Education

Schools call for end to ‘archaic’ daily worship following UK census results | Faith schools

Daily worship in schools should end, according to teachers and education experts who have branded the legal requirement “archaic” now that England is not predominantly Christian.

The 2021 census revealed last week that for the first time fewer than half the population in England and Wales described themselves as Christian, while 37% said they had “no religion”.

Currently, all state schools are legally required to provide an act of “collective worship” that is “broadly Christian” every day. Many heads admit privately they no longer stick to this, preferring to run less religious assemblies more relevant to their diverse student bodies.

But Nick Gibb, the schools minister, confirmed last year that his department would investigate any alleged breach of this requirement. Prof Russell Sandberg, an expert on law and religion at Cardiff University, said: “The legal framework is stuck in the 1940s. The census underlines that requiring a daily act of worship is utterly archaic and discriminatory.”

Nikki McGee, lead teacher on religious education for the Inspiration trust, which runs 18 schools in Norfolk, said: “The collective worship is pretty much meaningless in schools that are not faith based. The census results show it is archaic.”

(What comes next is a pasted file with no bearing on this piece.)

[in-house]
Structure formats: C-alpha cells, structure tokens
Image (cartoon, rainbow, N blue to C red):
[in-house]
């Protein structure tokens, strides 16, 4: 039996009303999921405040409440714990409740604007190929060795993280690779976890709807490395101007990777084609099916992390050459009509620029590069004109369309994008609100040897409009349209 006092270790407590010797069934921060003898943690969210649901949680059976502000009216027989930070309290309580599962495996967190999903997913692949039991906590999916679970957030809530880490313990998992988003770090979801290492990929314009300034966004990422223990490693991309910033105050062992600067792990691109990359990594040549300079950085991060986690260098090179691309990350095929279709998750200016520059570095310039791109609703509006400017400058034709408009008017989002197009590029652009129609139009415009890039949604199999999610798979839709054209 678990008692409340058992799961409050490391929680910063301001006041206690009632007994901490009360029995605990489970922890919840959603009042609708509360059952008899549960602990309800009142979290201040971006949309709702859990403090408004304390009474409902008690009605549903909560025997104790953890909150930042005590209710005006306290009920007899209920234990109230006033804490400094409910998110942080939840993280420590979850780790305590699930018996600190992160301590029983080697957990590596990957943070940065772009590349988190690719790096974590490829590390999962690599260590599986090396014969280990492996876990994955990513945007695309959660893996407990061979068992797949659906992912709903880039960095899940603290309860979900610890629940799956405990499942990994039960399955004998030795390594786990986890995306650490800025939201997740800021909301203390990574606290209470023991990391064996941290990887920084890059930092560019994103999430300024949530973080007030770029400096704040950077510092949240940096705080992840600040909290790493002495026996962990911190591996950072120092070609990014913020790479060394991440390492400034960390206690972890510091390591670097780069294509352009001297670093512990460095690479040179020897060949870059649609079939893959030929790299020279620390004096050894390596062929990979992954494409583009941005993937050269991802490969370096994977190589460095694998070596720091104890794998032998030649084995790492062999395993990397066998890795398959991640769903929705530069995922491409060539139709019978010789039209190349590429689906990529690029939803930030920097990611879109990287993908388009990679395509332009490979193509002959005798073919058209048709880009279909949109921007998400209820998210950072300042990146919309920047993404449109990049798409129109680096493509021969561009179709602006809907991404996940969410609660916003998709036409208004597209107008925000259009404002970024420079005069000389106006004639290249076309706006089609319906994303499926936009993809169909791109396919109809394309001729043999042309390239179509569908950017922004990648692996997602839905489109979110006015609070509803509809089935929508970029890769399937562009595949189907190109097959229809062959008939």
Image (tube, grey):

Mark Shepstone, assistant head at Bungay high school in Suffolk, said the requirement for collective worship is “simply ignored” in a lot of schools, and called for the government to drop it completely following the census results. “In the schools I have worked in since 2007, there’s never been a daily act of collective worship,” he said. “We still do assemblies and they will often have a moral message, but they aren’t daily.”

He added that he could count on one hand the number of Christian assemblies he had seen in 15 years.

The head of a secondary school in the south-west, who asked not to be named, said most school leaders of non-faith schools fudged the law when planning assemblies. “We all dance around it, but in truth it’s not collective worship. It’s more like group pastoral messaging.”

The law on collective worship was passed in 1944, along with a requirement for all students to study religious education. Parents and sixth formers can now opt out of these, but many education experts say it is time for the government to rethink all its policies on religion in schools.

Sandberg called the census “a wake-up call” for ministers. “There is a squeamishness in Westminster about discussing it because of the historical power of religion,” he said “But the law breaches children’s human rights because they have no choice.”

He said that, because more than a third of schools are faith based, with religious schools especially prevalent at primary level, many children will be having a Christian education that they wouldn’t choose.

“If your local school is faith based, the religious ethos pervades everything and you can’t opt out,” he added.

A spokesperson for the Department for Education said there are no plans to review this law. She said: “Collective worship encourages pupils to reflect on the concept of belief and the role it plays in society. Schools are able to tailor their provision to suit their pupils’ needs.”

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